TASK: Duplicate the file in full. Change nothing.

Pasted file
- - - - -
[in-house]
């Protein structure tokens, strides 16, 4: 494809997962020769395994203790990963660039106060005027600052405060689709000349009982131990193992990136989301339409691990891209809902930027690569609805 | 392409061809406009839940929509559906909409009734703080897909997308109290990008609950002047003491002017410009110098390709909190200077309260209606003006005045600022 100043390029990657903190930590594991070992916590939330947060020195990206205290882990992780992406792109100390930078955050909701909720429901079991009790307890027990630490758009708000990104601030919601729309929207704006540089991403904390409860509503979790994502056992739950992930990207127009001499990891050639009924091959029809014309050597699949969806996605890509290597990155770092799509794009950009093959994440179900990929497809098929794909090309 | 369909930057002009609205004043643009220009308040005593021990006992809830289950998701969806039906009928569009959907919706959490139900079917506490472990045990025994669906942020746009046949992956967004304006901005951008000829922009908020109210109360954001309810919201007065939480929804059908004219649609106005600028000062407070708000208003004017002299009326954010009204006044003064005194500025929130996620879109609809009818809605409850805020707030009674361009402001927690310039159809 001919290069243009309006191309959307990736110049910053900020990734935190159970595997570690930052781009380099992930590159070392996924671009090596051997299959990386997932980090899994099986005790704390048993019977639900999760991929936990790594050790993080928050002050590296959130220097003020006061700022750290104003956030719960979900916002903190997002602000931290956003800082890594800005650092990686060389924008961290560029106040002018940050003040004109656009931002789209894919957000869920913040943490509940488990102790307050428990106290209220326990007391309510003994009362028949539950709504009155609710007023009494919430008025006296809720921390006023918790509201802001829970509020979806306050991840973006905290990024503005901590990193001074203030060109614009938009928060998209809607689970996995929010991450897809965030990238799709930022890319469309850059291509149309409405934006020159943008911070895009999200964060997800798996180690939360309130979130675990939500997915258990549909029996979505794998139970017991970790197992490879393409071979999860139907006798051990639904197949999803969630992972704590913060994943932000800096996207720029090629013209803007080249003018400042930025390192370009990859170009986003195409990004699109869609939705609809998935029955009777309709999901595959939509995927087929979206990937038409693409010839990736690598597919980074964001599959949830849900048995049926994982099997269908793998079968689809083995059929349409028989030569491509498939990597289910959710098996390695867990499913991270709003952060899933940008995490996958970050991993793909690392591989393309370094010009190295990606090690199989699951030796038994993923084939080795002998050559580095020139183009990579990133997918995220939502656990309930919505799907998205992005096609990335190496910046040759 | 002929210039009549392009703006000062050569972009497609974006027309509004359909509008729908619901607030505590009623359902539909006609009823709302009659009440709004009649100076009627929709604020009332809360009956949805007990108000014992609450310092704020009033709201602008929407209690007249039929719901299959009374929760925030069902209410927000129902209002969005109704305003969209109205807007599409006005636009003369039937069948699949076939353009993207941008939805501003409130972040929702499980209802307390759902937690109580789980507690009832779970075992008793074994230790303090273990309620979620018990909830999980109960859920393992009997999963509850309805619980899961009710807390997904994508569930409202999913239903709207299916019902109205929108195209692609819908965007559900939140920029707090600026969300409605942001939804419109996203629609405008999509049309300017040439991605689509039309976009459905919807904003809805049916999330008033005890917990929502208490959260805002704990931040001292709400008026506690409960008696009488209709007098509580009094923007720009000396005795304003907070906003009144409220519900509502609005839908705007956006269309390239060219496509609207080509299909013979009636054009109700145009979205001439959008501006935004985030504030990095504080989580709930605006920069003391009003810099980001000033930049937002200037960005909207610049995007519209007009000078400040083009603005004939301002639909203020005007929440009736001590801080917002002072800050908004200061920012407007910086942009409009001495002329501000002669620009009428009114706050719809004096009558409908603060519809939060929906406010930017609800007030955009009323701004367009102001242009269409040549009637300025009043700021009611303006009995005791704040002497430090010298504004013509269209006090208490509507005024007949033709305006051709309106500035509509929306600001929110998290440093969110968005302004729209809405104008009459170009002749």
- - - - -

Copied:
[in-house]
């Protein structure tokens, strides 16, 4: 494809997962020769395994203790990963660039106060005027600052405060689709000349009982131990193992990136989301339409691990891209809902930027690569609805 | 392409061809406009839940929509559906909409009734703080897909997308109290990008609950002047003491002017410009110098390709909190200077309260209606003006005045600022 100043390029990657903190930590594991070992916590939330947060020195990206205290882990992780992406792109100390930078955050909701909720429901079991009790307890027990630490758009708000990104601030919601729309929207704006540089991403904390409860509503979790994502056992739950992930990207127009001499990891050639009924091959029809014309050597699949969806996605890509290597990155770092799509794009950009093959994440179900990929497809098929794909090309 | 369909930057002009609205004043643009220009308040005593021990006992809830289950998701969806039906009928569009959907919706959490139900079917506490472990045990025994669906942020746009046949992956967004304006901005951008000829922009908020109210109360954001309810919201007065939480929804059908004219649609106005600028000062407070708000208003004017002299009326954010009204006044003064005194500025929130996620879109609809009818809605409850805020707030009674361009402001927690310039159809 001919290069243009309006191309959307990736110049910053900020990734935190159970595997570690930052781009380099992930590159070392996924671009090596051997299959990386997932980090899994099986005790704390048993019977639900999760991929936990790594050790993080928050002050590296959130220097003020006061700022750290104003956030719960979900916002903190997002602000931290956003800082890594800005650092990686060389924008961290560029106040002018940050003040004109656009931002789209894919957000869920913040943490509940488990102790307050428990106290209220326990007391309510003994009362028949539950709504009155609710007023009494919430008025006296809720921390006023918790509201802001829970509020979806306050991840973006905290990024503005901590990193001074203030060109614009938009928060998209809607689970996995929010991450897809965030990238799709930022890319469309850059291509149309409405934006020159943008911070895009999200964060997800798996180690939360309130979130675990939500997915258990549909029996979505794998139970017991970790197992490879393409071979999860139907006798051990639904197949999803969630992972704590913060994943932000800096996207720029090629013209803007080249003018400042930025390192370009990859170009986003195409990004699109869609939705609809998935029955009777309709999901595959939509995927087929979206990937038409693409010839990736690598597919980074964001599959949830849900048995049926994982099997269908793998079968689809083995059929349409028989030569491509498939990597289910959710098996390695867990499913991270709003952060899933940008995490996958970050991993793909690392591989393309370094010009190295990606090690199989699951030796038994993923084939080795002998050559580095020139183009990579990133997918995220939502656990309930919505799907998205992005096609990335190496910046040759 | 002929210039009549392009703006000062050569972009497609974006027309509004359909509008729908619901607030505590009623359902539909006609009823709302009659009440709004009649100076009627929709604020009332809360009956949805007990108000014992609450310092704020009033709201602008929407209690007249039929719901299959009374929760925030069902209410927000129902209002969005109704305003969209109205807007599409006005636009003369039937069948699949076939353009993207941008939805501003409130972040929702499980209802307390759902937690109580789980507690009832779970075992008793074994230790303090273990309620979620018990909830999980109960859920393992009997999963509850309805619980899961009710807390997904994508569930409202999913239903709207299916019902109205929108195209692609819908965007559900939140920029707090600026969300409605942001939804419109996203629609405008999509049309300017040439991605689509039309976009459905919807904003809805049916999330008033005890917990929502208490959260805002704990931040001292709400008026506690409960008696009488209709007098509580009094923007720009000396005795304003907070906003009144409220519900509502609005839908705007956006269309390239060219496509609207080509299909013979009636054009109700145009979205001439959008501006935004985030504030990095504080989580709930605006920069003391009003810099980001000033930049937002200037960005909207610049995007519209007009000078400040083009603005004939301002639909203020005007929440009736001590801080917002002072800050908004200061920012407007910086942009409009001495002329501000002669620009009428009114706050719809004096009558409908603060519809939060929906406010930017609800007030955009009323701004367009102001242009269409040549009637300025009043700021009611303006009995005791704040002497430090010298504004013509269209006090208490509507005024007949033709305006051709309106500035509509929306600001929110998290440093969110968005302004729209809405104008009459170009002749």